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Tour To Kalabsha Temple, Nubian Museum And Elephantine Island. Discover in a half-day tour the New Kalabsha area which includes the Temple of Kalabsha, the Temple of Beit El-Wali, and the Kiosk of Kertasi. Then proceed to the amazing Nubian Museum and the beautiful Elephantine Island in Aswan with your professional tour guide.
Children from 0 – 5 years are free of charge
Children from 6 – 11 years get 50% off
Children from 12 years are considered adults
Meet your guide at your hotel reception to commence your tour to Kalabsha Temple, Nubian Museum and Elephantine Island.
Second stop of your tour to Kalabsha Temple is at the stunning Nubian Museum. Established as part of the UNESCO International Campaign for the Establishment of the Nubia Museum in Aswan and the National Museum of Egyptian Civilization in Cairo. The Nubia Museum in Aswan opened to the public in November 1997 and has won widespread praise for the quality of its design and collections.
The Nubia Museum in Aswan houses finds made during excavations carried out as part of UNESCO’s International Campaign to Save the Monuments of Nubia, which were threatened by the construction of the Aswan High Dam in the 1960s. Besides showcasing many of the more than 3,000 objects found during the excavations, the Museum serves as a focal point for Nubian history and culture. Its collections presenting the history of Nubia from prehistory to the present day.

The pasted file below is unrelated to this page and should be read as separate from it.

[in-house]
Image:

Continue your tour to Kalabsha Temple at the lovely Elephantine Island. Elephantine is the Greek name for pharaonic Abu. There, the 18th- and 19th-dynasty pharaohs built a large temple to Khnum, the ram god of the cataract region, his consort, Satis, and to Anuket, goddess of nearby Sehel. To the north stands an Old and Middle Kingdom shrine.
In the Old Kingdom (c. 2575–c. 2130 BC) Elephantine was known as the “Door of the South,” since it was the most southerly city in Egypt and the starting point for Sudanese trade. In the Middle Kingdom (1938–c. 1700 BC) it was an administrative center for Egyptian-controlled Nubia. During the New Kingdom (1539–1075 BC), the region was part of the province of Nubia, but, from the Saite period (664–525 BC), it again became a frontier fortress. In modern times the island is the site of two Nubian villages.